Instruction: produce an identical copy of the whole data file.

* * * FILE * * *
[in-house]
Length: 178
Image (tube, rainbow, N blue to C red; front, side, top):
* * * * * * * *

[in-house]
Length: 178
Image (tube, rainbow, N blue to C red; front, side, top):